Domina visits Beatrice to talk on Syngenta, Water issues


Domina Law Group visited Beatrice to talk about Syngenta and water issues on Thursday.

Omaha-based lawyer Dave Domina spoke to a group of about 25 that morning at Aunt Mary’s Center.

He presented the facts and claims of the Syngenta case, along with offering his opinion on the issues.

Domina made it clear the discussion was not about whether Syngenta is a good or bad company, and not about whether GMOs are good or bad, healthy or unhealthy.

“It’s about statements concerning the acceptability of corn with one particular trait–an infused pesticide trai–and its impact on the export market to China specifically, that’s what it’s about,” he said.

Syngenta’s corn trait MIR162 makes plants resistant to certain pests. From 2011-14, China–the third largest export market for US corn producers in 2012-13, denied all US corn because of the trait.

This affects all corn producers because all corn is combined together after being delivered to elevators and shippers.

Domina detailed five claims against the company: injury to market, negligence, nuisance, false advert and strict liability.

Domina described the claims in detail.

In 2009 and again in 2010, a Syngenta representative told traders MIR162 hadn’t been approved yet, in China, but would be soon, even as soon as the next couple weeks, Domina explained, in reference to the negligence claim.

He said he wasn’t sure how strong of a claim this was.

Domina said the nuisance claim was a little better and described the strict liability claim as “very weak.”

He talked about the Lanham Act which deals with the false advertising claim, and said he was skeptical about it.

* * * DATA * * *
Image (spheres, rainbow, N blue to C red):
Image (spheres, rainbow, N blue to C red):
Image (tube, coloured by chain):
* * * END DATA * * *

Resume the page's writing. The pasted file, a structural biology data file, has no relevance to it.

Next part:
“Case strength is unknown at this point but I just described my own skepticism,” he said.

Domina said it was a “long shot lawsuit, in his opinion.”

Referring back to the negligence claim, Domina said the general basis rule of law is that it is not possible to misrepresent what the law is and be sued for it.

“You, yourself can’t rely on what others tell you, but the Syngenta representative was making a statement on law in China,” he said. “Almost no American corn producer could read if you could find it, it’s a really interesting question.”

Domina clarified that the loss claimed is the value of corn at the time bought, and it makes no difference how it was used.

In 2012-13, the US made up 32.1 percent of the world corn production, China made up 24.4 percent. The big difference is they use all of theirs, Domina said.

“China is a huge producer of corn and getting bigger all of the time,” he said.

Domina said the question would be, how much was the loss contributed to China.

“When China turned the corn away it wasn’t burned or destroyed, it was used someplace else,” he said. “China filled the demand they had with a different supply of ours. The argument will be there was a displacement but not a reduction in demand.”

The issue of displacement demand is going to be the work of really sophisticated economists, he said.

If wanting representation from Domina Law Group, they charge 30 percent of recovery, he said.

Domina also spoke about the issues with the Republican River Basin.

He suggested reaching out to Governor Pete Ricketts.

“He really needs to hear from the farm community powerfully right now,” Domina said. “About making water policy in this state that makes sense and is not driven by that Republic River Basin.

“But you guys are going to have to be heard. He doesn’t need to hear from lawyers. He’s got to hear from producers.”